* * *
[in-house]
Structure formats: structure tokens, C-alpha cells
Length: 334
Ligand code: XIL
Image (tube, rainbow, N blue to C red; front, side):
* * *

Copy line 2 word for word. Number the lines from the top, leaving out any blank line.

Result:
Structure formats: structure tokens, C-alpha cells